Bangladesh is a world leader in innovative NGO programs. The poverty assessment reviews the growth of NGOs and their performance in delivering microcredit, particularly to the very poor. With rapid growth in microcredit, it will be important to ensure that quantitative objectives (reaching as many households as possible) are not pursued at the cost of qualitative objectives (reaching the households that most need assistance). The government and microcredit providers should look for ways, possibly through innovative partnerships, to reach the poorest, as well as better-off borrowers who are ineligible for microcredit but do not have access to formal credit. A village-based survey provides new insights into the superiority of rural health and education services provided by NGOs rather than the government or the private sector. The vastly superior performance of NGO social services suggests clear possibilities for partnerships among NGOs, the government, and the private sector in providing better health and education services. This information also sheds light on the potential priority areas for improving government services: quality appears to be the major problem with public health facilities, and both quality and quantity appear to be problems in public education.
Building Consensus for a Poverty Reduction Strategy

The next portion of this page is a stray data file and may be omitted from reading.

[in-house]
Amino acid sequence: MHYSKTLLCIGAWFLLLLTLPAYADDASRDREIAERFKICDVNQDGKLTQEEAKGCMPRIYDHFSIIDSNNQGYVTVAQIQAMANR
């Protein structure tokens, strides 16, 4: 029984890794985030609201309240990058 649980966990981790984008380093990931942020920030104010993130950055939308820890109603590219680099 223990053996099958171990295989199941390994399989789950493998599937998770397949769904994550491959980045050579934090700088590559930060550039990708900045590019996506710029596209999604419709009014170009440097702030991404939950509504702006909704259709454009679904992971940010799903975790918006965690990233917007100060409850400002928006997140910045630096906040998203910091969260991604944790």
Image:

This report is part of a long-term process of capacity building and mainstreaming of poverty analysis in Bangladesh1. Its findings outlined above suggest five pillars for a poverty reduction strategy-accelerating economic growth; promoting education for the poor, particularly primary education, and particularly for girls; investing in poor areas to take advantage of strong location effects on poverty reduction; improved targeting of public expenditures and safety nets to reach the poor better; and forming further partnerships with NGOs to reach the poorest and not-so-poor in ways designed to make a stronger attack on poverty.
Discussions with stakeholders, NGOs, the government, poverty researchers, and other donors in Bangladesh arising from this report will help to build support for an action plan and more detailed policy and institutional changes for faster poverty reduction. In line with the capacity-building emphasis of the World Bank's country assistance strategy for Bangladesh, these discussions will also help to build consensus on the institutional capacity required to mainstream poverty analysis in policy design and implementation. BBS will field the next Household Expenditure Survey in 1999. This will provide the opportunity and the means to further refine our understanding of the determinants of poverty and the conditions under which households in rural and urban Bangladesh can most easily escape poverty.
1. In addition to this report, two other tools have been developed to facilitate the use of the poverty assessment. First, a World Bank Internet web site is under construction to give greater access to the poverty assessment and to link it with its background work. The web site will be linked to the World Bank's public web site. Second, easy-to-use spreadsheets are being prepared to allow analysts and policymakers to simulate poverty measures based on chosen household characteristics and to explore the impact of policies that change these characteristics.